In his December 1 Angelus message, Pope Francis called the season of Advent “a journey towards the horizon of hope.” I want to tell you a story about one of the most amazing women I know, and the Advent journey of international adoption that she embarked upon this year.
A Heart for Adoption
This woman grew up with a heart for orphans, and yearned to adopt a child one day. Her conversion to Catholicism was partly inspired by Blessed Teresa of Calcutta’s work with the poor and destitute. She had four girls of her own, but never stopped thinking about the countless children around the world without a mom or dad, the little ones trapped in adult mental institutions with no one to love and care for them.
She found Reece’s Rainbow several years ago, and discovered an outlet for her passionate love of orphans. She became a prayer warrior and tireless advocate for the many children listed on the site who are in need of a home and family.
One little red-headed Russian boy with Down syndrome captured her heart. She advocated for him constantly, trying to find a family who could save him from life in an institution. All the while she was searching, she heard a persistent whisper from her heart: “What about you? You could be his family.”
She ignored that voice, at first. She had four girls already and her husband wasn’t even Catholic yet, much less open to adoption. It simply wasn’t possible for her family to adopt; they were already struggling financially, and international adoptions cost thousands and thousands of dollars. Then there was all the paperwork and home studies, and the logistics of traveling to Russia – it wouldn’t work.
But as she pleaded for others to bring him home, that voice persisted. “What about you?” it insisted. “You could be his family.”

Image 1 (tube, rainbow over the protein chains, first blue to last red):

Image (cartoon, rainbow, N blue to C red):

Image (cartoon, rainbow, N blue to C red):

Gradually she began listening to that voice. “Why not me?” she thought. “Why not us?” She prayed to God, asking Him to show her how such an immense undertaking might become possible.
Slowly, miracles began to happen. Her husband brought home information about his employer’s adoption assistance program, and made the decision to begin RCIA and get baptized – without any promptings from her. Their financial situation began to stabilize. She found an adoption agency willing to help them with the necessary paperwork and home inspections.
One day she took a leap of faith and announced to the world her family’s intention to adopt the little redheaded boy who had captured her heart from six thousand miles away. She began fundraising to earn the money to bring their boy home. She ran giveaways, auctions, applied for grants and awards. She sold personal possessions. Money began to accumulate and was used for the agency and government fees.
Obstacles and Challenges
Her journey was not without its challenges. Friends and family alike questioned her decision in public and in private. Non-Catholic family members were stunned that she was going to add yet another child to her family while spending a large sum of money to do so. Internet trolls notorious for targeting adoptive families slandered her. Even close Catholic friends were skeptical of her motivations and her decisions. But through all the negativity, she prayed, hoped, and persevered.
As each obstacle was surmounted, as each deadline was met and each milestone for approval achieved, she began to truly believe it was God’s will that the little boy she loved, sight unseen, would become theirs.
But the most shattering obstacle was yet to come. The little boy became an unwitting pawn in a cruel game of political backstabbing and retaliation. His country banned all adoptions from the United States.